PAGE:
ManagementEdit

It is rare to completely achieve absolute and sustained relief of pain. Thus, the clinical goal is pain management. Pain management is often multidisciplinary in nature. A recent journal article by Gatchell and Okifuji recognizes the importance of comprehensive pain programs(CPPs) in the management of chronic pain. They summarize their findings as follows: "CPPs offer the most efficacious and cost-effective treatment for persons with chronic pain, relative to a host of widely used conventional medical treatment." [11][12]

MedicationsEdit

In the treatment of chronic pain, whether due to malignant or benign processes, the three-step WHO Analgesic Ladder is often used.[5][6][7] This provides guidelines for stepping up the amount of analgesia and maintains a general basis that is used in a number of countries around the world to manage chronic pain conditions. The exact medications recommended will vary with the country and the individual treatment centre, but the following gives an example of the approach to treating chronic pain with medications. If, at any point, treatment fails to provide adequate pain relief, then the doctor and patient move onto the next step.

Mild painEdit

Paracetamol (acetaminophen), or a non steroidal anti-inflammatory drug such as ibuprofen

Mild to moderate painEdit

Paracetamol, an NSAID and/or paracetamol in a combination product with a weak opioid such as hydrocodone; used in combination, may provide greater relief than their separate use.

Moderate to severe painEdit

Morphine is the gold standard choice, followed by Oxycodone, Fentanyl in the form of a transdermal patch designed for chronic pain management, Diamorphine, hydromorphone or methadone are used less frequently.

Pethidine is not recommended for chronic pain management due to its low potency, short duration of action, and toxicity associated with repeated use.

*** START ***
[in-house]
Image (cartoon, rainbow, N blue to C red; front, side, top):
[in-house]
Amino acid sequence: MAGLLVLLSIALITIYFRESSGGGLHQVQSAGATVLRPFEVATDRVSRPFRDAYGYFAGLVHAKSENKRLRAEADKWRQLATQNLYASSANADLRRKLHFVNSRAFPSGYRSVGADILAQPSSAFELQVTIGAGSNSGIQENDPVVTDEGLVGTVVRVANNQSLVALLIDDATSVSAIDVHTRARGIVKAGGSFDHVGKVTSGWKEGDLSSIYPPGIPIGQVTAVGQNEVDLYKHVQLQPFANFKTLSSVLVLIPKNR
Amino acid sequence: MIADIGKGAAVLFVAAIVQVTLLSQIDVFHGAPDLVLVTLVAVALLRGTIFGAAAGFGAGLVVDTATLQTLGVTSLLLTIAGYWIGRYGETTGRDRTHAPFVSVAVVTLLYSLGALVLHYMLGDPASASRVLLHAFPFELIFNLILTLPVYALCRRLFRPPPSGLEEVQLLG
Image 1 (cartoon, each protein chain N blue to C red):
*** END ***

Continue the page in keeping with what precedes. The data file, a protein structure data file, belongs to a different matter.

OpioidsEdit

Opioid medications can provide a short, intermediate or long acting analgesia depending upon the specific properties of the medication and whether it is formulated as an extended release drug. Opioid medications may be administered orally, by injection, via nasal mucosa or oral mucosa, rectal, transdermal, intravenously, epidurally and intrathecally. In chronic pain conditions that are opioid responsive a combination of a long acting or extended release medication is often prescribed in conjunction with a shorter acting medication for break through pain (exacerbations).

Most opioid treatment is oral (tablet, capsule or liquid), but suppositories and skin patches can be prescribed. An opioid injection is rarely needed for patients with chronic pain.

Although opioids are strong analgesics, they do not provide complete analgesia regardless of whether the pain is acute or chronic in origin. Opioids are efficacious analgesics in chronic malignant pain and modestly effective nonmalignant pain management. However, there are variable associated adverse effects, especially during the commencement or change in dosing and administration. When opioids are used for prolonged periods drug tolerance, chemical dependency and (rarely) addiction may occur. Chemical dependency is ubiquitous among opioid therapy after continuous administration; however, drug tolerance is not well studied in patients on long term opioid therapy. Addiction rarely occurs as a result of opioid prescription, but they are abused by some individuals, which can cause concern to health care providers. Diversion of opioid medications is another concern for health care providers.